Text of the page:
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Eur J Neurol. 2019 Jan 10. doi: 10.1111/ene.13904. [Epub ahead of print]

Predicting clinical progression in multiple sclerosis after 6 and 12 years.

Author information

1
Department of Radiology and Nuclear Medicine, MS Center Amsterdam, Amsterdam Neuroscience, Amsterdam UMC, Vrije Universiteit Amsterdam, Amsterdam, The Netherlands.
2
Department of Neurology, MS Center Amsterdam, Amsterdam Neuroscience, Amsterdam UMC, Vrije Universiteit Amsterdam, Amsterdam, The Netherlands.
3
Department of Anatomy and Neurosciences, MS Center Amsterdam, Amsterdam Neuroscience, Amsterdam UMC, Vrije Universiteit Amsterdam, Amsterdam, The Netherlands.
4
Department of Diagnostic and Interventional Neuroradiology, Hannover Medical School, Hannover, Germany.
5
Institutes of Neurology and Healthcare Engineering, UCL, London, UK.

Abstract

BACKGROUND AND PURPOSE:

To predict disability and cognition in multiple sclerosis (MS) after 6 and 12 years, using early clinical and imaging measures.

METHODS:

A total of 115 patients with MS were selected and followed up after 2 and 6 years, with 79 patients also being followed up after 12 years. Disability was measured using the Expanded Disability Status Scale (EDSS); cognition was measured only at follow-up using neuropsychological testing. Predictors of interest included EDSS score, baseline brain and lesion volumes and their changes over 2 years, baseline age, clinical phenotype, sex and educational level.

RESULTS:

Higher 6-year EDSS score was predicted by early EDSS score and whole-brain volume changes and baseline diagnosis of primary progressive MS (adjusted R2  = 0.56). Predictors for 12-year EDSS score included larger EDSS score changes and higher T1-hypointense lesion volumes (adjusted R2  = 0.38). Year 6 cognition was predicted by primary progressive MS phenotype, lower educational level, male sex and early whole-brain atrophy (adjusted R2  = 0.26); year 12 predictors included male sex, lower educational level and higher baseline T1-hypointense lesion volumes (adjusted R2  = 0.14).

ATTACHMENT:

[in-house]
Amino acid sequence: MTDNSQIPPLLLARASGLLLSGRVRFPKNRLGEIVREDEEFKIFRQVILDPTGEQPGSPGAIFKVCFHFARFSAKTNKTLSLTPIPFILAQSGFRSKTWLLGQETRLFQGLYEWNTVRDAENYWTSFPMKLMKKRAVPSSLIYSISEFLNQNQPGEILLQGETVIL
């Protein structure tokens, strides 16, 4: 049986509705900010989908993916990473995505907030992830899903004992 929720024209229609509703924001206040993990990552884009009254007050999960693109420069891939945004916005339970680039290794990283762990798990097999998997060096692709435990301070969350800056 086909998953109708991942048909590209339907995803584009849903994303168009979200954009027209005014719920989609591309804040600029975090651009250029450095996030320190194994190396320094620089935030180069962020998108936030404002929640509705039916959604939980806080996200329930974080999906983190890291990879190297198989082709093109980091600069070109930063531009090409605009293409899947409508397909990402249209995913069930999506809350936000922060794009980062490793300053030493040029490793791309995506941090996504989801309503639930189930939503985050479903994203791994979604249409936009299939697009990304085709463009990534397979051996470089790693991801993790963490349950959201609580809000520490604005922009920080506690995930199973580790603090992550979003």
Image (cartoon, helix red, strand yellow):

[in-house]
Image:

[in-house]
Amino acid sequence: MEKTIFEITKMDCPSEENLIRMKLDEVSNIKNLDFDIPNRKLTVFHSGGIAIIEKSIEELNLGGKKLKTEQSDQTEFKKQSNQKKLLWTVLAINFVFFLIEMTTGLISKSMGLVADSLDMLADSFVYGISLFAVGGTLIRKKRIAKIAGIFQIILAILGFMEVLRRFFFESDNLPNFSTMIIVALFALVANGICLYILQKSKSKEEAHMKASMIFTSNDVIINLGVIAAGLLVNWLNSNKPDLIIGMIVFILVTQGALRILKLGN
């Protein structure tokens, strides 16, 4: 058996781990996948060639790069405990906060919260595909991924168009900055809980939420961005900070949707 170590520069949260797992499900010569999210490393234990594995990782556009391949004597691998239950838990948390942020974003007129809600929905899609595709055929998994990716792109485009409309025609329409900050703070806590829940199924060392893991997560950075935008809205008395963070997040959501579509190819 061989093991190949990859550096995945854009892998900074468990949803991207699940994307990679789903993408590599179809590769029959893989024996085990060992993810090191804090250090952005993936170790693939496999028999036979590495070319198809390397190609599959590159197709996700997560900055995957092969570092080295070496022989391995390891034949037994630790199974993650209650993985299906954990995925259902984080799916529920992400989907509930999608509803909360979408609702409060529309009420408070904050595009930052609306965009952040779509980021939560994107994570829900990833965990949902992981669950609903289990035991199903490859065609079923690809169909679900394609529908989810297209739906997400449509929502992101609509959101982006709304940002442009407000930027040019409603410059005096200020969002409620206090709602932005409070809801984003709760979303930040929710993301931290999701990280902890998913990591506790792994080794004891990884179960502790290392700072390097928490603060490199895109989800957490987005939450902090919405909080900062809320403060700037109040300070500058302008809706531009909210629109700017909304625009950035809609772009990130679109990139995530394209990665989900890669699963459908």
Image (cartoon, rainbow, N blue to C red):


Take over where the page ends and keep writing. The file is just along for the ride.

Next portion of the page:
CONCLUSIONS:

Patients with early signs of neurodegeneration and a progressive disease onset were more prone to develop both disability progression and cognitive dysfunction. Male sex and lower educational level only affected cognitive dysfunction, which remains difficult to predict and probably needs more advanced imaging measures.

KEYWORDS:

atrophy; cognition; disability; multiple sclerosis; prediction

PMID:
30629788
DOI:
10.1111/ene.13904

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